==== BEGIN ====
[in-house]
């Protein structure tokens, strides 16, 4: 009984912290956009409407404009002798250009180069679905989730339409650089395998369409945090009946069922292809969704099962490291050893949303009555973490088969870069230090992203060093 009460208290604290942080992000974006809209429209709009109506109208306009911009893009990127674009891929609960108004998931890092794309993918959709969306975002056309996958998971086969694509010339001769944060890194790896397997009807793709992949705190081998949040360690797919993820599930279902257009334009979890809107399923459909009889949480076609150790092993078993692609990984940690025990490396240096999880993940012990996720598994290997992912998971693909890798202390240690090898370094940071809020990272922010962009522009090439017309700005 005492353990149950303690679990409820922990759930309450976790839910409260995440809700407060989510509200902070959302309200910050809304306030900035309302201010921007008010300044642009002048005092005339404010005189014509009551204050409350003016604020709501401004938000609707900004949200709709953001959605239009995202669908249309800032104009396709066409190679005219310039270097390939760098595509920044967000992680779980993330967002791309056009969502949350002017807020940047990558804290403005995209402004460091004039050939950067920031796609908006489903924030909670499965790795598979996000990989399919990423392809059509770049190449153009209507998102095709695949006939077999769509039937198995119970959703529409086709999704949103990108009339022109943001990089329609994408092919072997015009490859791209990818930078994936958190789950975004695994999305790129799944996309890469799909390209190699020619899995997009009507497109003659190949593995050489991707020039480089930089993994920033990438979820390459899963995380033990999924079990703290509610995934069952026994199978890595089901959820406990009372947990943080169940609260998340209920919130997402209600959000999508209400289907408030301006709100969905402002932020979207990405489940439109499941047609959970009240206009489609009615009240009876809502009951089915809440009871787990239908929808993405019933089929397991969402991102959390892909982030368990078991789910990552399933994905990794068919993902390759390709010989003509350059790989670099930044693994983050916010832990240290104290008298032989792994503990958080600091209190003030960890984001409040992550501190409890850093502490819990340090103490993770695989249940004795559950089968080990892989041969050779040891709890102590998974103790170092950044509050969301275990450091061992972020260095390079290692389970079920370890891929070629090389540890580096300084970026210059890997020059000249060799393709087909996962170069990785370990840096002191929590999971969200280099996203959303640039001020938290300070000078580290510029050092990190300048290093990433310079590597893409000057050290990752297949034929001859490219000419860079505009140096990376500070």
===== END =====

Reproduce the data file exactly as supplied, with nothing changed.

[in-house]
């Protein structure tokens, strides 16, 4: 009984912290956009409407404009002798250009180069679905989730339409650089395998369409945090009946069922292809969704099962490291050893949303009555973490088969870069230090992203060093 009460208290604290942080992000974006809209429209709009109506109208306009911009893009990127674009891929609960108004998931890092794309993918959709969306975002056309996958998971086969694509010339001769944060890194790896397997009807793709992949705190081998949040360690797919993820599930279902257009334009979890809107399923459909009889949480076609150790092993078993692609990984940690025990490396240096999880993940012990996720598994290997992912998971693909890798202390240690090898370094940071809020990272922010962009522009090439017309700005 005492353990149950303690679990409820922990759930309450976790839910409260995440809700407060989510509200902070959302309200910050809304306030900035309302201010921007008010300044642009002048005092005339404010005189014509009551204050409350003016604020709501401004938000609707900004949200709709953001959605239009995202669908249309800032104009396709066409190679005219310039270097390939760098595509920044967000992680779980993330967002791309056009969502949350002017807020940047990558804290403005995209402004460091004039050939950067920031796609908006489903924030909670499965790795598979996000990989399919990423392809059509770049190449153009209507998102095709695949006939077999769509039937198995119970959703529409086709999704949103990108009339022109943001990089329609994408092919072997015009490859791209990818930078994936958190789950975004695994999305790129799944996309890469799909390209190699020619899995997009009507497109003659190949593995050489991707020039480089930089993994920033990438979820390459899963995380033990999924079990703290509610995934069952026994199978890595089901959820406990009372947990943080169940609260998340209920919130997402209600959000999508209400289907408030301006709100969905402002932020979207990405489940439109499941047609959970009240206009489609009615009240009876809502009951089915809440009871787990239908929808993405019933089929397991969402991102959390892909982030368990078991789910990552399933994905990794068919993902390759390709010989003509350059790989670099930044693994983050916010832990240290104290008298032989792994503990958080600091209190003030960890984001409040992550501190409890850093502490819990340090103490993770695989249940004795559950089968080990892989041969050779040891709890102590998974103790170092950044509050969301275990450091061992972020260095390079290692389970079920370890891929070629090389540890580096300084970026210059890997020059000249060799393709087909996962170069990785370990840096002191929590999971969200280099996203959303640039001020938290300070000078580290510029050092990190300048290093990433310079590597893409000057050290990752297949034929001859490219000419860079505009140096990376500070």